Athens, Greece – Parwana Amiri first noticed the concrete walls being built around her refugee camp on the Greek mainland one morning a few weeks ago.
“It was a feeling that when we were sleeping, they closed our wings,” the 16-year-old Afghan refugee told Al Jazeera.
“I feel that we will not even be able to see the cars passing the road and will not be able to see the grass outside in nature. We will see the walls around us, it is a very suffocating feeling.”
The grey walls, three metres (10 feet) high, are being built around the Ritsona refugee camp near Athens and there are plans to construct walls around another 24 camps on the Greek mainland.
Authorities have told camp residents that the walls are for their own protection, Amiri claimed.
“They are telling us it’s because of your safety,” she said. “They say that it will not change anything about your life.”
In spite of assurances that daily life will not change for camp residents, a call for tenders, published by the government, reveals extensive measures to amplify security measures in refugee camps across Greece.
Drones patrolling from the sky, magnetic gates with integrated thermographic cameras, X-ray machines and security cameras at the entry and exit points are just some tools that are planned to be implemented.
There are also proposals to close camp gates at about 9pm to prevent people from leaving, according to the Ministry for Migration.
According to the call, these surveillance systems will be installed in 39 camps across the mainland and the Greek islands; 75 percent of the costs will be covered by the European Internal Security Fund.
The walls alone cost about 28.4 million euros ($34.8m) and largely funded by the European Commission.
Tineke Strik, a European Member of Parliament (MEP) from the Greens/EFA Group, told Al Jazeera: “We cannot accept that EU money is being used to build concrete walls around refugee camps.
“Instead we need to invest in a better future for these people. Putting walls around camps only leads to less integration into the local community, less scrutiny by NGOs and journalists and worse conditions in the camps. It’s actually very simple: being a refugee shouldn’t lead to incarceration.”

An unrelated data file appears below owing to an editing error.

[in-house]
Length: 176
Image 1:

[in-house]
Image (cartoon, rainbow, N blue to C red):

Some residents of the camps being walled off described a heightened sense of imprisonment.
“I am a human being, I don’t need a wall. They make me feel like a prisoner,” said Diyar, 36 and originally from Iraq.
He has been living in the Diavata camp in Thessaloniki for three years.
“Some are scared [but] some say it’s great, because we’ll be protected.”
The wall around Diavata, like Ritsona, is nearly finished.
Amiri worries that the walls will deepen divisions between refugees and locals.
“What I’m worried about is that I’m a student, I go to school [outside the camp] and what will the perspective be of the students? What will they say about us? They will hear from their parents that Ritsona is a place surrounded by walls, that it’s a closed place, and that we come from such a place.”
Petra Molnar, associate director of the Canada-based Refugee Law Lab think-tank, told Al Jazeera the new security systems were in line with “a dangerous global trend of bolstering the border industrial complex through invasive surveillance technologies and physical walls”.
She was particularly concerned by the planned use of drones.
“Autonomous technologies like drones also create a panopticon of surveillance, with migration management increasingly turning to technological solutions instead of humane responses that recognise the complexity of people’s migration journeys,” she said.
The Ministry of Asylum and Migration told Al Jazeera that the decision to “fence” off the camp with walls was agreed with the European Commission, while an initial part of the project had been implemented by the International Organization for Migration (IOM).
“The main purpose of both the fencing project and the Integrated Digital Electronic and Physical Security Management System is the protection of local communities and the protection of residents,” a ministry spokesperson said.
“It is the necessary supervision of structures, security, prevention of delinquent behaviours, fires and other unforeseen factors. It is the maximum possible control of who enters and who leaves the structures. Greece initially installed barbed wire fences but the residents of the structures have repeatedly and continuously destroyed and continue to destroy the barbed wire fences. That is why it was decided to upgrade the fences.”
The ministry added that everyone, including residents and NGO workers, will have to go through the security at camp entrances. Drones, they said, would be used only in case of “unforeseen events”.
The IOM told Al Jazeera the decision to build walls around the camps was taken by the Greek ministry, and it was supportive of the project.
“The rationale for the walled perimeter is also to increase the security of the residents by discouraging unauthorised individuals from entering or occupying spaces reserved for asylum seekers, while still retaining open and free movement for its residents. The vast majority of the open camps in Greece have always been fenced with walls/metal net or a combination of the two.”
The IOM said it was involved only in the “fencing” project and not in any use of drone equipment.
As the prospect of drone sky patrols and increased surveillance looms on the horizon, people play volleyball outside the Diavata camp, which is now almost completely fenced off by walls.
Diyar echoes the feelings of many living in camps across Greece.
“I just want a home,” he says.